For a country that consumes more butter than any other, the current butter shortage is a serious matter. For a few weeks now the butter shelves in the supermarkets have been bare, much to my daughter’s dismay: she can no longer eat her Vegemite and butter on toast.
Apparently, the troubles began with the end of European milk quotas in 2015 which led to farmers immediately rushing to produce dairy. But that triggered a collapse in milk prices, which drove some producers back out of the market.
But now there is a big increase in global butter consumption, with buttery pastries becoming increasingly popular with Asian consumers (especially the Chinese – which incidentally I witnessed during our time there) and with butter coming back into vogue after decades of westerners eating margarine believing that it was a healthy alternative.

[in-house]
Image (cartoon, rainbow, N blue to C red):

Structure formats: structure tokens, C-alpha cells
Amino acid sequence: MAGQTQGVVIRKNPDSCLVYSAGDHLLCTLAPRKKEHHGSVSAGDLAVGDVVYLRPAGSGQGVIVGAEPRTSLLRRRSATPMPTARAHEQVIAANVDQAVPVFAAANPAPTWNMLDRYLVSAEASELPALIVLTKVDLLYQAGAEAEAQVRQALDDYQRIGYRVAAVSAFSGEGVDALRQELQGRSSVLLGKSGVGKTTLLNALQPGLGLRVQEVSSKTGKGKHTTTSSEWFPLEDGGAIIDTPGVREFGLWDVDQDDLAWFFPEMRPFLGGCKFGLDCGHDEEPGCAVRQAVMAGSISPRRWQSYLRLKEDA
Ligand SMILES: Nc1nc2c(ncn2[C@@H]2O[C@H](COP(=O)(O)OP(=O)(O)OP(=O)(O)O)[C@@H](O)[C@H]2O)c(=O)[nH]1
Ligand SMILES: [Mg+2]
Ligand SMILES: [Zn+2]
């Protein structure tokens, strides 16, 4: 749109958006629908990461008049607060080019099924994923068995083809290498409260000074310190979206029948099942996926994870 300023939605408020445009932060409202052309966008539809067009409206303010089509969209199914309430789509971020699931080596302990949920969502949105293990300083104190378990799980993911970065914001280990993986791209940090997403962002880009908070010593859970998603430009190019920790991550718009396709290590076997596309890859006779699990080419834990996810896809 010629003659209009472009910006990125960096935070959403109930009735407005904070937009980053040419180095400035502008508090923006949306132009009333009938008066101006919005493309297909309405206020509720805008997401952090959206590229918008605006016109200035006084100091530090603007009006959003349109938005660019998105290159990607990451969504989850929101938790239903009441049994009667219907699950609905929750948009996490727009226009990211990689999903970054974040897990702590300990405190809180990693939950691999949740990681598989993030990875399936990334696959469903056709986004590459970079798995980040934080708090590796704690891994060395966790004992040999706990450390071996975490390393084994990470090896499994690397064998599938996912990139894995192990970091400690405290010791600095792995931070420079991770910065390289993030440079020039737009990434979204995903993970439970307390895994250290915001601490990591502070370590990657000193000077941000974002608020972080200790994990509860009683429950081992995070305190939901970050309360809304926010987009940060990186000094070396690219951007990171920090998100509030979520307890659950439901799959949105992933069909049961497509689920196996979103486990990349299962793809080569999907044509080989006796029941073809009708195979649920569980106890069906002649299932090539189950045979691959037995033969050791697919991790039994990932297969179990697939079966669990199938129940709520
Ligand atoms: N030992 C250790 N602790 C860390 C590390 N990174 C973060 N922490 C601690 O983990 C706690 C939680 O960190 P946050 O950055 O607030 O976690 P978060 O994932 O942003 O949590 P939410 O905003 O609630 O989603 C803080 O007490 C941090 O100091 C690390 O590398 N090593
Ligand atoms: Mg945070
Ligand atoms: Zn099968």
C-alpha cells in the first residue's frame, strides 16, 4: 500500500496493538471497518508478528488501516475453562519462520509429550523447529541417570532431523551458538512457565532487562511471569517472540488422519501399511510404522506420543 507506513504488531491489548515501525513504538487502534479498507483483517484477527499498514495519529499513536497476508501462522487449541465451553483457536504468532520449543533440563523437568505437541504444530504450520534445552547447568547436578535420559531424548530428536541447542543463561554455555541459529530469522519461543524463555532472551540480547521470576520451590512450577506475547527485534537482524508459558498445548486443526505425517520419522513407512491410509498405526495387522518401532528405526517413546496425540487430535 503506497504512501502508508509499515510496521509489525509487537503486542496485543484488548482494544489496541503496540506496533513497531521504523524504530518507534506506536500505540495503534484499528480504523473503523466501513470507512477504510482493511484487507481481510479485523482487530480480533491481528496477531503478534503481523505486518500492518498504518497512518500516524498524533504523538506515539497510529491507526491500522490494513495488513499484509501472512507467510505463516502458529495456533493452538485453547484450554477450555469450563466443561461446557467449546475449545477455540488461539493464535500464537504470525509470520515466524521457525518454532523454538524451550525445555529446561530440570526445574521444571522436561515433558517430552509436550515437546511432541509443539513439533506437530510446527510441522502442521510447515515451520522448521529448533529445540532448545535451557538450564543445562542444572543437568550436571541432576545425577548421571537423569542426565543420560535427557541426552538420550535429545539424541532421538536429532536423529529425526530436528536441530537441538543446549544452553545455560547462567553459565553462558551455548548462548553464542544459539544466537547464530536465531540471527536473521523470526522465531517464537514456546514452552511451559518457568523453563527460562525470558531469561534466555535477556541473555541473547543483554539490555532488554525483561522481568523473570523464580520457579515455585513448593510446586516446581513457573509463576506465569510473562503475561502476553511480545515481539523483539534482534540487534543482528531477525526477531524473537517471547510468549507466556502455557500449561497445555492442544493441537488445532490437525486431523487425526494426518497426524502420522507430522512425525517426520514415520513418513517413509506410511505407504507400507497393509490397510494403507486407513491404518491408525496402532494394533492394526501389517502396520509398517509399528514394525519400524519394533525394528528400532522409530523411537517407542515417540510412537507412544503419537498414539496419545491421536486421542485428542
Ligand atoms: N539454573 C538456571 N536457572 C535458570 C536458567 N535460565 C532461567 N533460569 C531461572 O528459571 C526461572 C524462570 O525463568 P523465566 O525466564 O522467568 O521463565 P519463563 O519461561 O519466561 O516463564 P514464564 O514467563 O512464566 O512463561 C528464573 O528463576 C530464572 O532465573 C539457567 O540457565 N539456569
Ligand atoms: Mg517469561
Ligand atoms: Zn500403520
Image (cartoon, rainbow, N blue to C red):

So rising butter demand and falling supply results in increased prices. However, the price increases have not been transferred to French supermarket shoppers and so French butter producers have resorted to selling their butter abroad for a better price.
Why not just increase the price of butter to customers you ask? This is not possible due to rigidities in France’s system of pricing and distribution – big retailers refuse to pay more for the product and there are strict restrictions on foreign competitors. This situation is likely to continue until annual negotiation meetings due in February 2018.
I can’t imagine the French population surviving until then. We’ll have to wait and see.